26 December 2009

Mum

I wanted to write a letter to Mum to talk to her about some of the things I remember with fondness and appreciation. This is by no means an exhaustive list, or even necessarily a list of the most important things; I keep discovering each day new ways in which I miss her and new ways to remember her with a smile on my face, even as tears threaten to well up in my eyes.
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Dear Mum,

I’m writing to you to thank you and to tell you about some of the ways you have permanently impacted my life.

First of all, thanks for having me. As the second child of a two-child family married to the first child of a two-child family, it certainly couldn’t have been very expected that you would have five children. As child number four, I should be particularly grateful for that one. But when I think about this question, the thing that most pops out in my mind is the recurring conversation among us kids discussing the responsibility of people to limit themselves to replacing themselves by having at most two children. This conversation almost inevitably evoked an almost tearful response from you: “I can’t imagine what I would do without any of you.” Your attachment to all of us, in very different and individual ways, is something that I miss already.

Thanks for making sure that we did things together as a family. I know so many people who have little connection to their siblings, or who haven’t spoken to them for many years out of anger or disinterest. We are not like that. As diverse as we are as individuals – and as bossy and domineering, too, I am compelled to admit – we actually get along, and we enjoy spending time together. All of our meetings have times when you wouldn’t be able to fit a word in edgewise as we all try to share our own experiences and points of view with each other, and they all have moments of laughter, even in the saddest of times.

Thanks for being, with Dad, among the most open-minded, tolerant and even accepting parents of teens and young adults I have ever seen. I remember the time during the 1970s that my older sisters moved in with, or otherwise shared space with, their boyfriends. Other families lived this experience as a rupture and a tragedy, but you made sure they had enough dishes and towels.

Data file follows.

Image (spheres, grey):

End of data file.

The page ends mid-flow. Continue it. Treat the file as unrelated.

There was very concrete application of this to my own experiences, too. After all of the horror stories I had heard from others about coming out to hostile families and all of the disaster scenarios I played out in my own head during the years (yes, years) I reflected on coming out to you, I got love back. “How could you be so silly as to thing this would matter to us? You’re our son and we love you.” And later, when we had a moment face-to-face, you anguished about all the times over the years you must surely have offended me without realizing it. This is the kind of acceptance that made me know that I should not hesitate to share and seek support from you when I was diagnosed with HIV. I got the same love and support in return.

You were always upset when your gathered children reminisced about the various punishments we received as children. I hope that you took some comfort from my words when I told you that we wouldn’t be talking and laughing about it if we had been abused and scarred. No, I remember most the image of a mother who, helpless with laughter, was unable to keep two of us from having a little raw cookie dough as we acted in tag-team.